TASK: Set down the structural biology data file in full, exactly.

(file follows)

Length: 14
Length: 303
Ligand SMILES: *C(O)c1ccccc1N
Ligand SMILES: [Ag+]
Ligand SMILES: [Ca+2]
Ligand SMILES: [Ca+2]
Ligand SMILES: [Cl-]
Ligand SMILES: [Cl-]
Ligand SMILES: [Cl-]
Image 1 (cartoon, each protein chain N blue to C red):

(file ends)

Length: 14
Length: 303
Ligand SMILES: *C(O)c1ccccc1N
Ligand SMILES: [Ag+]
Ligand SMILES: [Ca+2]
Ligand SMILES: [Ca+2]
Ligand SMILES: [Cl-]
Ligand SMILES: [Cl-]
Ligand SMILES: [Cl-]
Image 1 (cartoon, each protein chain N blue to C red):